With that David Bowie blew our heteronormative minds wide open. Again. It was shocking. It still is. There are still a lot of kids out there today – though hopefully not quite as many as there were in 1974 –  who desperately need to hear the message that it doesn’t matter if you’re a boy or a girl or if you can’t commit to being either; there’s a place for you and someone to love you. And Quaaludes. Dudes and Quaaludes all around for the kids who walk all over the boundaries of gender. Rumour has it that Bowie wrote this sweet love missive for a flame: Jayne County, punk singer, Warhol superstar, cult icon,  transgender activist, and very much still alive. I don’t know if that’s true, since County apparently isn’t the type to pursue fame-by-association with someone better known than herself. I’d like to think so, though. Either way, it’s well established that Bowie wasn’t just posturing when he promised to love you no matter what kind of a freak in the eyes of the world you were. He’s the man who knowingly torpedoed his career in America in solidarity with a movement that was just beginning to dare speak its name.

Rebel Music (3 O’Clock Roadblock)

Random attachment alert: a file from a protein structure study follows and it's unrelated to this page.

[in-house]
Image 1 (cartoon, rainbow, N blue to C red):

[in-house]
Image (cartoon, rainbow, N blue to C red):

It’s always a good time to delve deep into Bob Marley’s classic catalog. Natty Dread is one of the must-have classic albums of all time. (Don’t take my word for it; Rolling Stone says so too.) A classic is a classic, perennial for many reasons. What makes Bob Marley’s classic albums so remarkable, besides the surfeit of shoulda been smash hits, is how relevant and on-point they’ve remained. Marley wrote about the world as he saw it – sometimes beautiful, frequently filled with injustice. The things he wrote about haven’t changed much since his passing, unfortunately. Just for example, getting frisked (and worse) by the police in the middle of the night (or in broad daylight) is still a fact of life for many people. Disproportionately mostly black people, as always, of course, but also anyone else unlucky enough to walk into a roadblock with the wrong kind of plant in their pocket. That kind of oppression not only hasn’t gone away, it appears to be on the rise again. Does writing songs about it help much? Well, if it *actually* did, then Bob Marley would have solved all of the world’s problems by now. Some problems might be unsolvable, like the problem of people exercising power over one another, or the problem of festering hatred as a political ideology. There’s no song that can fix that. The only thing a song can do is lift people’s spirits enough to get them through the day, to inspire and motivate them to carry on chipping away at the problems of the world, enough that maybe after generations of dedicated chipping, the world may start to change for the better. That’s the only hope, really.